Weekly newsletter

The novel coronavirus outbreak has posed a unique challenge to the European Union, where traditional solutions “have been proven to be inadequate”, Justice Minister Judit Varga told MTI on Thursday, in reaction to a statement signed by 13 EU member states on measures adopted against the epidemic.

The statement published on Wednesday called it legitimate that member states adopt extraordinary measures to protect their citizens, but condemned certain emergency measures for posing a “risk of violations of the principles of rule of law, democracy and fundamental rights”. They called for emergency measures to be “limited to what is strictly necessary, to be proportionate and temporary in nature, subject to regular scrutiny, and respect the aforementioned principles and international law obligations.”

Coronavirus: 13 EU Govt’s Express Concern over Hungary Epidemic Response Law Enhancing Gov’t Powers

In reaction, Varga said that Hungary “agreed fully” with the statement’s call to “uphold the fundamental values of freedom, democracy, the rule of law and fundamental rights.”

The minister regretted that the “statement was not open for all member states to join.”

Hungary has always promoted a “comprehensive evaluation of the EU’s basic principles, based on objective criteria and the principle of equal rights,” Varga said. “Such an evaluation can include various states’ emergency measures during the crisis, once the hardest days are behind us,” she said.

Bill on Indefinite Extension of Special Decrees Garners Distrust over Rule of Law and Freedom of Media

The statement was signed by Belgium, Denmark, Finland, France, Germany, Greece, Ireland, Italy, Luxembourg, the Netherlands, Portugal, Spain and Sweden.

State Secretary to BBC: Hungary gov’t not granted unlimited powers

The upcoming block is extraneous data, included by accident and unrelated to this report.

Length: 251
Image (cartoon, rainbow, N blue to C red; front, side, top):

Hungary’s epidemic response law does not grant the government unlimited powers, nor has the government ever wanted such authority, Zoltán Kovács, the state secretary for international communications and relations, said in an interview with the BBC on Wednesday.

Parliament remains the highest organ of state power in Hungary, Kovács said, adding that it would be “regrettable” if the government were granted unlimited powers. Parliament can withdraw the special powers granted to the government whenever it deems that the current crisis has abated, he said.

Law on Enhanching Gov’t Powers: Is Democracy Over? What Exactly is in the New Legislation?

Kovács stressed that parliament has not been suspended and that the sole reason for the need to govern by decree was so that the government could continue to combat the novel coronavirus epidemic.

In response to a question, Kovács dismissed allegations that Hungary was headed towards a dictatorship as “ridiculous”, adding that the government had been at the receiving end of such accusations for ten years.

Coronavirus – Orbán: Gov’t Special Powers No Threat to Opposition or Democracy

On Monday, parliament passed a law that grants the government enhanced powers to contain the spread of the virus. The law will end by a decision of parliament once the state of emergency has been declared over.

In the featured photo: Justice Minister Judit Varga. Photo by Gergely Botár/kormany.hu

    [1536x1536] => Array
            [width] => 1536
            [height] => 1536
            [crop] => 

    [2048x2048] => Array
            [width] => 2048
            [height] => 2048
            [crop] =>